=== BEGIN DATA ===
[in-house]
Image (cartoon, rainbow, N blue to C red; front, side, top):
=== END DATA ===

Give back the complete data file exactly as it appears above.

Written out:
[in-house]
Image (cartoon, rainbow, N blue to C red; front, side, top):